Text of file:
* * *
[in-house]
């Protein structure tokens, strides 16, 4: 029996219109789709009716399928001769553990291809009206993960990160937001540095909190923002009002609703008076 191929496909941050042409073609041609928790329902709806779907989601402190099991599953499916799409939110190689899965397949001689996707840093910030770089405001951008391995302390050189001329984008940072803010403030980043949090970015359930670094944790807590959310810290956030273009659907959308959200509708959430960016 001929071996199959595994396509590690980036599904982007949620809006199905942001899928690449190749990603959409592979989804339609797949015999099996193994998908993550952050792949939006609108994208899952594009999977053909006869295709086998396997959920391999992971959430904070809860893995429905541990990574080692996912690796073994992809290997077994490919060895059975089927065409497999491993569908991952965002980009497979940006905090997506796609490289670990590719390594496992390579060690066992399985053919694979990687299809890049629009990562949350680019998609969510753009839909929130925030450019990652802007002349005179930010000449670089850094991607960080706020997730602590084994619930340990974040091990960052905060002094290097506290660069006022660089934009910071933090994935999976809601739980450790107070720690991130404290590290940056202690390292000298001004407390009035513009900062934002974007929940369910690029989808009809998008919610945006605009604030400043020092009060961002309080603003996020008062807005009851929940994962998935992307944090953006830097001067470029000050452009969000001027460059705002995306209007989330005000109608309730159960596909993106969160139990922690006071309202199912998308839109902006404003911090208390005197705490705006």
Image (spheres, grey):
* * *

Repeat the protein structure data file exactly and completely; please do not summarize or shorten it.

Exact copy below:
[in-house]
């Protein structure tokens, strides 16, 4: 029996219109789709009716399928001769553990291809009206993960990160937001540095909190923002009002609703008076 191929496909941050042409073609041609928790329902709806779907989601402190099991599953499916799409939110190689899965397949001689996707840093910030770089405001951008391995302390050189001329984008940072803010403030980043949090970015359930670094944790807590959310810290956030273009659907959308959200509708959430960016 001929071996199959595994396509590690980036599904982007949620809006199905942001899928690449190749990603959409592979989804339609797949015999099996193994998908993550952050792949939006609108994208899952594009999977053909006869295709086998396997959920391999992971959430904070809860893995429905541990990574080692996912690796073994992809290997077994490919060895059975089927065409497999491993569908991952965002980009497979940006905090997506796609490289670990590719390594496992390579060690066992399985053919694979990687299809890049629009990562949350680019998609969510753009839909929130925030450019990652802007002349005179930010000449670089850094991607960080706020997730602590084994619930340990974040091990960052905060002094290097506290660069006022660089934009910071933090994935999976809601739980450790107070720690991130404290590290940056202690390292000298001004407390009035513009900062934002974007929940369910690029989808009809998008919610945006605009604030400043020092009060961002309080603003996020008062807005009851929940994962998935992307944090953006830097001067470029000050452009969000001027460059705002995306209007989330005000109608309730159960596909993106969160139990922690006071309202199912998308839109902006404003911090208390005197705490705006």
Image (spheres, grey):